Selection, Refugia, and Migration: Simulation of Evolution of Dieldrin Resistance in Lucilia cuprina (Diptera: Calliphoridae)
Authors: GOSS, PETER J. E.; MCKENZIE, JOHN A.
Source: Journal of Economic Entomology, Volume 89, Number 2, April 1996 , pp. 288-301(14)
Publisher: Entomological Society of America
Abstract:We simulated changes in allele frequency at the dieldrin resistance locus observed in field populations of Lucilia cuprina (Wiedemann) by using computer models with parameters for selection, refugia, and migration. Dieldrin was introduced to control L. cuprina in Australia in 1955; resistant individuals were first observed at high frequency in 1957. The frequency of resistant individuals has declined since the chemical was withdrawn for control in 1958. Both the increase and decrease phases were simulated. Empirical measurements of fitness, migration, and the number of generations per year are available. Refugia and the number of treatments per year are the most important factors in slowing the evolution of resistance in this system. The simulation showed that, if there is strong overwintering selection against resistance, the evolution of resistance could be slowed if part of the population is deliberately left in refugia from insecticide use. The results emphasize that the predictions of general models must be interpreted in a system-specific manner.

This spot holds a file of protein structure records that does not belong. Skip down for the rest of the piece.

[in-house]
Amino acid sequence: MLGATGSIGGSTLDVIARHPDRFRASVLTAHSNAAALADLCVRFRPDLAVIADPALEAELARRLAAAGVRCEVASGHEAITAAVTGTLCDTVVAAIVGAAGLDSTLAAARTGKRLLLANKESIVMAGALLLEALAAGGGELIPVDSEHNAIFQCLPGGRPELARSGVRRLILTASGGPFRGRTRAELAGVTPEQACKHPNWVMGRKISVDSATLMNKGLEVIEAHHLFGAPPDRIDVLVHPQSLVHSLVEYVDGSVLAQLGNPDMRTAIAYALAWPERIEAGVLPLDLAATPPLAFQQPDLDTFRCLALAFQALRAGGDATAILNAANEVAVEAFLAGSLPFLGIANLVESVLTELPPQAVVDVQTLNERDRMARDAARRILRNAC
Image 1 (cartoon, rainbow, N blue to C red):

Document Type: Research Article
Publication date: April 1, 1996
- Journal of Economic Entomology is published bimonthly in February, April, June, August, October, and December. The journal publishes articles on the economic significance of insects and is divided into the following sections: apiculture & social insects; arthropods in relation to plant disease; forum; insecticide resistance and resistance management; ecotoxicology; biological and microbial control; ecology and behavior; sampling and biostatistics; household and structural insects; medical entomology; molecular entomology; veterinary entomology; forest entomology; horticultural entomology; field and forage crops, and small grains; stored-product; commodity treatment and quarantine entomology; and plant resistance. In addition to research papers, Journal of Economic Entomology publishes Letters to the Editor, interpretive articles in a Forum section, Short Communications, Rapid Communications, and Book Reviews.
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